This is my pal Monty. He is an 11.5 year old kitty who is full of life and loves his food, however, 1 month ago when we first met this was not the case. One of the main reasons Monty’s owner brought him to the clinic is because he wasn’t eating. Monty is normally a great eater. He was also very lethargic and dehydrated and these symptoms were only worsening with time. Unlike in human medicine, our patients do not have the capabilities of telling us what is wrong; therefore, we rely a lot on the owner for help, along with various diagnostic tools in the clinic.
Two tests we often start with are blood and urine testing. In Monty’s case, they immediately identified his underlying concern. He had diabetes. In fact, it was such a raging case of diabetes that his body had entered a stage that is referred to as DKA, or diabetic ketoacidosis, which is a medical emergency.
Diabetes is a condition where there is an excessive amount of blood sugars or glucose in the bloodstream. This is caused by a lack of insulin. DKA occurs in extreme cases of diabetes when there is a severe loss of glucose regulation. Cells in the body require glucose for energy. When they are starved from glucose (a process which occurs from diabetes), all last resources are utilized. When this occurs, there is production of compounds called ketone bodies. When ketone bodies are burned for fuel, this causes the pet’s metabolic system to go completely out of whack, leading to life threatening pH and electrolyte imbalances. This can then lead to shock, dehydration and potential death. It’s no wonder that Monty was so lethargic and dehydrated!
Monty had excessive amounts of glucose in his blood; so much so that there was glucose detected in his urine. Glucose should never be found in the urine. The urine test also showed that he had ketone bodies in his urine. His electrolytes were so out of whack that he had to be hospitalized and placed immediately on intravenous fluids that had electrolytes added. Monty also had to start receiving insulin shots under the skin to control his blood sugars. His blood sugars had to be monitored daily until they started returning to normal. Similar to human diabetics, animals with diabetes must also get fed a strict diet so Monty’s feedings had to be monitored and he had to be force fed until he was interested in eating on his own.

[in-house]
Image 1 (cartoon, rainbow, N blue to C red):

HOW DO I RECOGNIZE DIABETES IN MY CAT BEFORE IT IS TOO LATE?
Diabetes is seen more frequently in middle to old-age cats and it is more common in males than females. The most common clinical signs seen in diabetic patients are an increase in water consumption and urination. Weight loss is also a common feature, and an increase in appetite may be noticed in some cats. In Monty’s case, these were not the main signs seen because his body was in crisis mode. If your cat is showing any of these symptoms, it is important that at minimum, a blood and urine test be performed to confirm diabetes or rule out other potential diseases.
HOW IS MONTY TODAY?
Monty was in for a check-up recently and I am happy to report that he looks great. His blood and urine were re-checked and revealed that his electrolytes were back to normal and that there was no glucose or ketone bodies seen in his urine. He was well hydrated, had great energy and according to his owner, was eating up a storm at home. Monty now receives daily insulin injections which keep his glucose at normal levels and his diet is also closely monitored. Although this will likely be a life-long journey for him, with careful monitoring, Monty should live a full, happy life.